# Online/Offline Signatures

Oct 31, 2020 · 3 min read

In Nov 1988, Silvio Micali, Oded Goldreich and Shimon Even submitted a patent that allowed for a pre-computation element so that a message could be signed without the requirement to be on-line. It involved two main stages. The first was a precomputed value that was independent on the message (s1), and the second for a one-time public key (s2) [here]:

Let’s implement an offline/online signature scheme, based on the paper: “An online/offline signature scheme based on the strong rsa assumption” [1]. In this method, we generate two prime numbers p and q and which are:

p=2p′+1

q=2q′+1

and where p′ and q′ are also prime. We then create a random generator (g), and select a hash function (H). This hash function has k bits. Alice’s public key is:

(n,g,H)

and her private key is (p,q).

Alice selects a number of random values (s_i) between 0 and (p′×q′), and then calculates:

The offline pairs will be (s_i,X_i).

Alice takes a message (M), and computes H(m), and then uses the next unused (s_i,X_i) pair to compute:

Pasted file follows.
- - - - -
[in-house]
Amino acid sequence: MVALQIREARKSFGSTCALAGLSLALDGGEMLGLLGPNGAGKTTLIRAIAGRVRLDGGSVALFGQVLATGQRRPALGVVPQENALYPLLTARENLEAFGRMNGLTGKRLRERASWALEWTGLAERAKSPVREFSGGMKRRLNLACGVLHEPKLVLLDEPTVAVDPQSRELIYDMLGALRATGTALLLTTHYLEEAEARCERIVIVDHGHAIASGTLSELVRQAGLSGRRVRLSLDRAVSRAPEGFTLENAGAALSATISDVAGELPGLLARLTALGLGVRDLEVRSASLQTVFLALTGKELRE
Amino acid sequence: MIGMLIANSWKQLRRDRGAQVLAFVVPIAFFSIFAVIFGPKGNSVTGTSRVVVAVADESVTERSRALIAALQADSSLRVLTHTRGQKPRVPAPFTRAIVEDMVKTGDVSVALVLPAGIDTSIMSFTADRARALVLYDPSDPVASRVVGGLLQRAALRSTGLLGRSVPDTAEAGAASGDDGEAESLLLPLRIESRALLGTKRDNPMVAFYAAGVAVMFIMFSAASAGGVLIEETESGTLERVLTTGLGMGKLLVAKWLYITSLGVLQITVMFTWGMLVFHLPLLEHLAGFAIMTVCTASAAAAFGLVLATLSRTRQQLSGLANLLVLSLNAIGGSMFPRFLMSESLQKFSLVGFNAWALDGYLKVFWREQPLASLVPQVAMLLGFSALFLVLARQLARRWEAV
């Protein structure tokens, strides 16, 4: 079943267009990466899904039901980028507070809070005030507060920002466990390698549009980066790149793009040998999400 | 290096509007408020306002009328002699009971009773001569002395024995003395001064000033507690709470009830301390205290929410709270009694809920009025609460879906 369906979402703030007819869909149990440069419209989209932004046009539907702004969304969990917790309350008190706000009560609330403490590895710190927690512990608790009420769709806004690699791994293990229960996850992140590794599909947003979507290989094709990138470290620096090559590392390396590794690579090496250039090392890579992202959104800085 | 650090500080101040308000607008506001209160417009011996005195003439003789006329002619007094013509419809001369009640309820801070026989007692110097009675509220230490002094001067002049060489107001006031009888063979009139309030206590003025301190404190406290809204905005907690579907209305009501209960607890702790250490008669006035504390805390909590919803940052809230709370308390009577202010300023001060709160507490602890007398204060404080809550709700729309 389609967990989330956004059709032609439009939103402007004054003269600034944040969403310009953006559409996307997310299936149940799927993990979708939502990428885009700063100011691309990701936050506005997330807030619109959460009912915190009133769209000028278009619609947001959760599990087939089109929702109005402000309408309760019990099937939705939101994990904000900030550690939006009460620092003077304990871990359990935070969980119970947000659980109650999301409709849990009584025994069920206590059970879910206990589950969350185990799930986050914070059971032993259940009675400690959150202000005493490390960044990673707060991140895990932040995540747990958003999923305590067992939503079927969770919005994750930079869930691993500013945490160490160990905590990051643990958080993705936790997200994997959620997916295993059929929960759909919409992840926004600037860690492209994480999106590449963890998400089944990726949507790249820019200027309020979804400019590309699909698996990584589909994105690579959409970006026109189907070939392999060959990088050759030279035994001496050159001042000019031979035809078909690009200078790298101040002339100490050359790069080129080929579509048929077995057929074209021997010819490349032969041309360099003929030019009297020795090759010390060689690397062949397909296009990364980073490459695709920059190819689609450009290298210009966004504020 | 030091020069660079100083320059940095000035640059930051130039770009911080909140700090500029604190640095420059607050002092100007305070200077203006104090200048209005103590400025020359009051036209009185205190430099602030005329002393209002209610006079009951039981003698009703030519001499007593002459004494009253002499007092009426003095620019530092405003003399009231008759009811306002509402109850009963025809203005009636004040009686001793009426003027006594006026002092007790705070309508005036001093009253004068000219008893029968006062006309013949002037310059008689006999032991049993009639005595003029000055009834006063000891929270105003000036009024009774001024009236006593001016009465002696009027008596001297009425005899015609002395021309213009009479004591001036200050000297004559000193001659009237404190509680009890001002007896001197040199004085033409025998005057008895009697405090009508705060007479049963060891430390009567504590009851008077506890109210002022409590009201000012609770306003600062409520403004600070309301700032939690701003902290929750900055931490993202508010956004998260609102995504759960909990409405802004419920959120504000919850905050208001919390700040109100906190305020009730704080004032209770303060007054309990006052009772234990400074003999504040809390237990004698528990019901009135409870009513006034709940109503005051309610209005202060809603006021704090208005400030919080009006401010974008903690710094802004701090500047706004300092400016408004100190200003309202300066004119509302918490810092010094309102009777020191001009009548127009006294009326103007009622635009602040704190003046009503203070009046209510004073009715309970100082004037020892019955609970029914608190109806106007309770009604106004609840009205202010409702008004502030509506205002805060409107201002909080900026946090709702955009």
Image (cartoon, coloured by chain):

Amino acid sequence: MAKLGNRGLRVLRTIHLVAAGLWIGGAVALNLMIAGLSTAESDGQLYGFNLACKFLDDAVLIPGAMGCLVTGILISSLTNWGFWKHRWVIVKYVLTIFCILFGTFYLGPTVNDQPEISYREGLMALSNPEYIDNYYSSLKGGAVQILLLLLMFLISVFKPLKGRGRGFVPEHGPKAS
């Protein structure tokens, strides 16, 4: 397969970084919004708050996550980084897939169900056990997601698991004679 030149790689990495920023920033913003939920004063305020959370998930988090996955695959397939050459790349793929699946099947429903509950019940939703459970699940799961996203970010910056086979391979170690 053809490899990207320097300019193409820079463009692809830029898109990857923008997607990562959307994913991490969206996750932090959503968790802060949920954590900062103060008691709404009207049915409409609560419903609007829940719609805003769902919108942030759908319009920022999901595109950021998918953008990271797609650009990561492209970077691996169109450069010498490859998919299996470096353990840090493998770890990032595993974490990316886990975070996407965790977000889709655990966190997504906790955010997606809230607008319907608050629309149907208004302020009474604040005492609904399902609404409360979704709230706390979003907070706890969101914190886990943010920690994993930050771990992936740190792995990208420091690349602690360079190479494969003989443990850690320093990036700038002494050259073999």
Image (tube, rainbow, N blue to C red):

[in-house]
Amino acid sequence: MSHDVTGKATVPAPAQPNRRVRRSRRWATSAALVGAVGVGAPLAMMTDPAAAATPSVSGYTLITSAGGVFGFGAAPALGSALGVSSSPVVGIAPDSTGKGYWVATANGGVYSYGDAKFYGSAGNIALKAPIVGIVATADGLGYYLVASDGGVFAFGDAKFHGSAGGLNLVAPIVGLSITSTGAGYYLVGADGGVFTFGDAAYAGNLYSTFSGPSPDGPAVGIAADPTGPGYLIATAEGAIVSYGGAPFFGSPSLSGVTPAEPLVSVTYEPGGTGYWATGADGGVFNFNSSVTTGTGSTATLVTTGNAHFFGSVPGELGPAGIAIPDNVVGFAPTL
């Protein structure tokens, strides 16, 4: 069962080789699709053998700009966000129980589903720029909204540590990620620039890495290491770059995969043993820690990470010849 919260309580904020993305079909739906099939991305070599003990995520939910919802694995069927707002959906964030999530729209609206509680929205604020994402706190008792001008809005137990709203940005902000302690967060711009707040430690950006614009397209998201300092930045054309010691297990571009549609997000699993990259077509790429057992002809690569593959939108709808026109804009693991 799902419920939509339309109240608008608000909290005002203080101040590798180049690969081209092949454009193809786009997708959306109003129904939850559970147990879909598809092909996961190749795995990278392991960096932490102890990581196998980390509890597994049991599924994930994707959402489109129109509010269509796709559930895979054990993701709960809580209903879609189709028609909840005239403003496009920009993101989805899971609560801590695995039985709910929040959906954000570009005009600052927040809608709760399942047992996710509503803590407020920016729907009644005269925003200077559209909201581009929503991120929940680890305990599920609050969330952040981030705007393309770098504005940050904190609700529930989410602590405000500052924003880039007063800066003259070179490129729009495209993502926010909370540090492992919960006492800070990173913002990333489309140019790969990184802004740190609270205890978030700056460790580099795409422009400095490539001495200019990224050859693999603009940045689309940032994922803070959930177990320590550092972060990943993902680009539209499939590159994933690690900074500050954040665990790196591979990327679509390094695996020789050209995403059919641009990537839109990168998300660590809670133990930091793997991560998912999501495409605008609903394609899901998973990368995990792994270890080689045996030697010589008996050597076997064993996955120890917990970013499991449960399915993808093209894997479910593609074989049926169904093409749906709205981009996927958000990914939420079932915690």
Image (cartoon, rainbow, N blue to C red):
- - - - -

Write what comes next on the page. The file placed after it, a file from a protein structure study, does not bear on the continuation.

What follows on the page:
The signature is then (Xi,r).

Bob takes the signature of (X,r) will check the signature with:

The coding is here:

`import randomimport hashlibimport mathfrom Crypto.Util.number import getPrimefrom Crypto.Random import get_random_bytesimport sysimport sympyprimebits=32msg="hello"if (len(sys.argv)>1):  primebits=int(sys.argv[1])if (len(sys.argv)>2):  msg=(sys.argv[2])if primebits>48: primebits=48while (True):   p_1 = getPrime(primebits, randfunc=get_random_bytes)  q_1= getPrime(primebits,   randfunc=get_random_bytes)  p=2*p_1+1  q=2*q_1+1  if (sympy.isprime(p) and sympy.isprime(q)): break;g=3n=p*qs=random.randint(0,2**32)X1 = pow(g,s,n)print (f"Message: {msg}")print (f"\np={p}, q={q}, n={n}")print (f"p'={p_1}, q'={q_1}")print ("Offline pair:")print (f"s'={s}, X={X_1}")a = hashlib.md5(msg.encode())b = a.hexdigest()H=int(b, 16)r = (s*H) % (p_1*q_1)print (f"X={X1}, r={r}")res1= pow(g,r,n)res2 = pow(X1,H,n)print (f"\ng^ mod n={res1}\nX^H(m) = {res2}")if (res1==res2): print("Signature proven")res3=sympy.gcd(H,r)print (f"\n\nRes3={res3}")if (res3<pow(2,int(2*math.sqrt(128)),n)): print ("Agreement")`

A sample run is:

`Message: Hellop=84263, q=91283, n=7691779429p'=42131, q'=45641Offline pair:s'=1553375497, X=4399084253X=4399084253, r=544284756g^ mod n=1762454498X^H(m) = 1762454498Signature provenRes3=1Agreement`

Here is a demo:

and the code:

And there you go. Alice can be offline and still produce signatures.

[1] Yu, P., & Tate, S. R. (2007, May). An online/offline signature scheme based on the strong rsa assumption. In 21st International Conference on Advanced Information Networking and Applications Workshops (AINAW’07) (Vol. 1, pp. 601–606). IEEE.

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